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Rajesh Kumar Prasad Versus State of Jharkhand through Enforcement Directorate

2015 (5) TMI 1033 - JHARKHAND HIGH COURT

Nature of offences - whether Offences, punishment of which extend to seven years, under the Foreign Exchange Regulation Act, 1973 FERA) being noncognizable in terms of Section 62 of the Act, are bailable or nonbailable? - Held that:- Under FERA the power in terms of Section 45 of the FERA though has been given to police officer and other officer to make search and arrest when warrant but no provision is there that if arrest is affected by the officer other than the police officer, he is required .....

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ge of the police station. That apart, no such provision is there which does speak about the compounding of the offence as is there under the Central Excise Act and Custom Act.

Under the circumstances, the offences under the Foreign Exchange Regulation Act, 1973 punishment of which extend to a period of seven years, cannot be taken to be bailable, rather in terms of the provision as referred to above and also in view of the Second part of Schedule I to Cr.P.C are held as nonbailable. - .....

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o the submissions, advanced on behalf of the parties, the facts giving rise to this case, needs to be taken notice of. 3. The case seems to be offshoot of fodder scam cases, which, under the direction of the Patna High Court as well as under the direction of Hon'ble Supreme Court, had been lodged against the number of accused persons including the father of this petitioner namely Dr. K.M.Prasad, wherein allegations had been made in almost all the cases that the accused persons in conspiracy .....

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K.M.Prasad. Further, it had been found that Dr. K.M.Prasad had received foreign exchange remittances by way of foreign exchange instruments amounting to 3,15,000/US Dollar and 1000/Pounds during the year 199192 and those transactions were not genuine gift, rather it were in violation of the provision of Foreign Exchange Regulation Act, 1973 (in short FERA). During investigation, it also transpired that the petitioner had received 75,000/US Doillars through foreign exchange remittances. 4. On su .....

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rsons including this petitioner. Thereupon, warrant of arrest was issued against the petitioner. 5. Earlier the entire criminal proceedings of the said case was challenged before this Court in W.P.(Cr.) No. 85 of 2003, which was dismissed on 19/07/2012. 6. According to the petitioner, since nonbailable warrant of arrest has been issued taking the offences to be nonbailable, necessity arose to file this application for declaration as to whether offences under the FERA are bailable or nonbailable? .....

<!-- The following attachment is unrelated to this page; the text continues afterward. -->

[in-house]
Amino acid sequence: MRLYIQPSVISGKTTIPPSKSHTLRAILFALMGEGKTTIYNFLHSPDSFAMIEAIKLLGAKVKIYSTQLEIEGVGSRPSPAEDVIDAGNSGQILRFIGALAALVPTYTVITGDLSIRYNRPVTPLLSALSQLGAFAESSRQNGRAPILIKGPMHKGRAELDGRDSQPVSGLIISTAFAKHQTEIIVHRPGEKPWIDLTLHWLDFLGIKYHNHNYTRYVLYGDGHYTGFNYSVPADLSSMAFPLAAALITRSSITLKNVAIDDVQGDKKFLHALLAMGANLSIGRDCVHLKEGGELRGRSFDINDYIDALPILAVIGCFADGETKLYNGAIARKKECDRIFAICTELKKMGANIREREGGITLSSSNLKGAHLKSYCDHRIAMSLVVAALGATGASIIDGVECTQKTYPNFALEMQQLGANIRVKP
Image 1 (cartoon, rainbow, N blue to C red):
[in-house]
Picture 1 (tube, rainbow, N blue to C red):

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evelopment of the Country and, thereby, the main object of the legislature is to have proper regulation of the foreign exchange. Though the provision is there also for prosecution but that appears to be a secondary object of the legislature and, as such, the offences in terms of the provisions as contained in Section 62 of FERA Act, has been made noncognizable though punishment for some of the offences in terms of the provisions contained in Section 56 of the Act, extend to seven years but the A .....

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e and nonbailable. But, so far provision of FERA is concerned, the offences have been made noncognizable, but the act is silent as to whether it is bailable or nonbailable. 8. Same issue did crop up before the Hon'ble Supreme Court in a case of Om Prakash & OthersversusUnion of India & Others [(2011) 14 SCC 1] as to whether offences under the Custom Act, 1962 and Central Excise Act, 1944, being noncognizable, are bailable or nonbailable? Their Lordships, after having regard to certai .....

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een prescribed under the Excise Act up to seven years but those have been intended by the legislature to be bailable. On similar analogy, Their Lordships have also held the offences under the Custom Act to be bailable. While holding so, one of the considerations was there that the legislature have made offence under both the Acts, noncognizable. 9. Similar is the situation here as has been stated above that some of the offences under Section 56 of the FERA are punishable for seven years but in t .....